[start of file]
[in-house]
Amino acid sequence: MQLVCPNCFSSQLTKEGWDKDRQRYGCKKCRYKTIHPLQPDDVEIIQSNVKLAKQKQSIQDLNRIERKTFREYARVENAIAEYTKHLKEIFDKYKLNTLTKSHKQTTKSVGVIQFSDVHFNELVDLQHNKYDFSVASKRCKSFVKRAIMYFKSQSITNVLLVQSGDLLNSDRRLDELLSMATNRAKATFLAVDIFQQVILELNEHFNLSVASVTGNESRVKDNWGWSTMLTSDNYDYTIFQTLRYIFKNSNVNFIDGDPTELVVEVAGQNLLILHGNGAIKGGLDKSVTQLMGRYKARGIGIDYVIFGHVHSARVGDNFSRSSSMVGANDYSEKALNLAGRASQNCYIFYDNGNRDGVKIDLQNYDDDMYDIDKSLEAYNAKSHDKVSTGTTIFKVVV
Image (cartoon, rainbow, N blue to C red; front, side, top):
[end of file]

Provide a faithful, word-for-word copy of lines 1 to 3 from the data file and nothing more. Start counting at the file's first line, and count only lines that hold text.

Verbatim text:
[in-house]
Amino acid sequence: MQLVCPNCFSSQLTKEGWDKDRQRYGCKKCRYKTIHPLQPDDVEIIQSNVKLAKQKQSIQDLNRIERKTFREYARVENAIAEYTKHLKEIFDKYKLNTLTKSHKQTTKSVGVIQFSDVHFNELVDLQHNKYDFSVASKRCKSFVKRAIMYFKSQSITNVLLVQSGDLLNSDRRLDELLSMATNRAKATFLAVDIFQQVILELNEHFNLSVASVTGNESRVKDNWGWSTMLTSDNYDYTIFQTLRYIFKNSNVNFIDGDPTELVVEVAGQNLLILHGNGAIKGGLDKSVTQLMGRYKARGIGIDYVIFGHVHSARVGDNFSRSSSMVGANDYSEKALNLAGRASQNCYIFYDNGNRDGVKIDLQNYDDDMYDIDKSLEAYNAKSHDKVSTGTTIFKVVV
Image (cartoon, rainbow, N blue to C red; front, side, top):